Writing DLLs


 Writing DLLs

The structure of a Borland Pascal DLL is identical to that of a program, except that a DLL starts with a library header instead of a program header.

The library header tells Borland Pascal to produce an executable file with the extension .DLL instead of .EXE. It also ensures that the executable file is marked as being a DLL.

If procedures and functions are to be exported by a DLL, they must be compiled with the export procedure directive.


This implements a very simple DLL with two exported functions:

   library MinMax;

   {The export procedure directive prepares Min and Max for exporting}

   function Min(X, Y: Integer): Integer; export;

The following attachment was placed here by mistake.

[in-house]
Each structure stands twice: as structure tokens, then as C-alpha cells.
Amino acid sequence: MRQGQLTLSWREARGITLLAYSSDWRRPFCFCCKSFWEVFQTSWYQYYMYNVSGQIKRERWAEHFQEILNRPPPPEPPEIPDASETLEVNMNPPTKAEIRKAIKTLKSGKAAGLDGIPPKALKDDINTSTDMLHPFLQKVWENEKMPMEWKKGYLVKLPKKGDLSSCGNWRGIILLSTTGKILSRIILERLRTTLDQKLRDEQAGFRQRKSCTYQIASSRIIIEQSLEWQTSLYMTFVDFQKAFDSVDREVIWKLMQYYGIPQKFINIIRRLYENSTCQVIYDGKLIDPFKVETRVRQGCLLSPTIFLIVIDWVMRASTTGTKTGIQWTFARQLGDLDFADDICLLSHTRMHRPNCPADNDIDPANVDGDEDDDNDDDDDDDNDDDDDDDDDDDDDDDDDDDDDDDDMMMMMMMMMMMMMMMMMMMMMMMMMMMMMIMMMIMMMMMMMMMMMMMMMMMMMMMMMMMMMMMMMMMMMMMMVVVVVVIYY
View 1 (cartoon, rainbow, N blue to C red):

if X < Y then Min := X else Min := Y;

   function Max(X, Y: Integer): Integer; export;
     if X > Y then Max := X else Max := Y;

   {The exports clause actually exports the two routines, supplying an
    optional ordinal number for each of them}

     Min index 1,
     Max index 2;


Libraries often consist of several units. In such cases, the library source file itself is frequently reduced to a uses clause, an exports clause, and the library's initialization code.

For example:

   library Editors;

   uses EdInit, EdInOut, EdFormat, EdPrint;

     InitEditors index 1,
     DoneEditors index 2,
     InsertText index 3,
     DeleteSelection index 4,
     FormatSelection index 5,
     PrintSelection index 6,
     SetErrorHandler index 53;


See Also

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